Native textiles soon to get security features vs fakes
BAGUIO CITY, Benguet, Philippines — Special ultraviolet scanners used to authenticate money will soon detect luminescent “security yarns” incorporated in handwoven fabrics produced by traditional weavers to fight the spread of machine-generated Chinese knockoffs, according to the Philippine Textile Research Institute (PTRI).
The PTRI is also generating QR (quick response) code markings for weavers as part of the digitalization of the country’s handloom weaving industry, said Jennili Caya, the agency’s senior science researcher. She disclosed the plan during the second Cordillera weaving summit organized by the Department of Science and Technology here on Tuesday.
Caya said woven items that are authenticated by the government should deter or outsell counterfeit Cordillera woven products, which flooded stores in Metro Manila and Baguio last year.
The city council had passed measures banning fake products and sought national action against replicas generated by machines using ordinary yarns, which are falsely marketed as genuine Cordillera fabric.
Before the year ends, the government is opening a digital weaving registry for traditional weavers to help keep track of products produced and sold in local and foreign markets, Caya said.
“Our aim is to authenticate and validate each woven product,” she said, adding there would be security features if these are sold in the markets. The security devices are being developed and may be ready next year.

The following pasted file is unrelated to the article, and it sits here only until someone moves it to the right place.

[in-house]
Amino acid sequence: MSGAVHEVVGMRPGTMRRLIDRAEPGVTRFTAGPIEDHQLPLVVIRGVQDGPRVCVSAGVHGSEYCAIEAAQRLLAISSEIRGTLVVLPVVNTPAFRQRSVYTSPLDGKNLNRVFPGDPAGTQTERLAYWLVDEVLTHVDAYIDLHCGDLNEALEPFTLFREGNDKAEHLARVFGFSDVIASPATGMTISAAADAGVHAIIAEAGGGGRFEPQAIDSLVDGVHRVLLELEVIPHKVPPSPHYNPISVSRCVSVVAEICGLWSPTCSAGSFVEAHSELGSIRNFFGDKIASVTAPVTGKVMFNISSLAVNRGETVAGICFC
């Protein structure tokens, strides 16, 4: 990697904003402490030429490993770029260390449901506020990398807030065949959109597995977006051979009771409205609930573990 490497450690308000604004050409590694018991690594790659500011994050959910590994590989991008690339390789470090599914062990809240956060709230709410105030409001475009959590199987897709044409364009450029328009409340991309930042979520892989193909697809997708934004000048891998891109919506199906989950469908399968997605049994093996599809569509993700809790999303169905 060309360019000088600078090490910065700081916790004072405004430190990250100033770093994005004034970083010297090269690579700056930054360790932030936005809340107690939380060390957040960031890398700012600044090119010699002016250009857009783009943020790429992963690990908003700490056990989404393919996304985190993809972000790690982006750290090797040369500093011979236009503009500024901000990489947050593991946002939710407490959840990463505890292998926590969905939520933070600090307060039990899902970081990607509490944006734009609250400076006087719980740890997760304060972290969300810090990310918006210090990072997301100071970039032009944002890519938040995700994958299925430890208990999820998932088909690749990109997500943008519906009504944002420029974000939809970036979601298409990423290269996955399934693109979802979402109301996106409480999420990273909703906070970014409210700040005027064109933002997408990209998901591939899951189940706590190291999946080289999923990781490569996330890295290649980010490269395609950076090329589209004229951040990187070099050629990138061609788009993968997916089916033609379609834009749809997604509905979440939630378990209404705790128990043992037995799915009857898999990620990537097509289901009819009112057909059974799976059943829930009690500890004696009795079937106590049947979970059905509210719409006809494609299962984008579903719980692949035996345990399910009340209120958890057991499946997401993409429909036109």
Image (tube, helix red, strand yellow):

The government would also build a data repository for all weaving patterns, including cultural artifacts of indigenous people (IP) that require conservation, Caya said.
Many of these items, she said, are products of “sacred practices” and IP communities may be sensitive to plans for translating their cultural artifacts “into something as cold as technology.”
But digitizing this type of indigenous knowledge is one way of preserving, studying and even reapplying these cultural skills and products, Caya said.
The system would ensure that the patents and other proprietary rights over the digitized weave patterns remain under the control of an IP clan or community.
According to Caya, the digital network would also discourage groups or individuals from stealing, misappropriating, or patenting these important cultural items or new patterns that handloom weavers might create in the future.
The registry and the database would also help the government identify and plan for the development of the country’s traditional weavers, she said.
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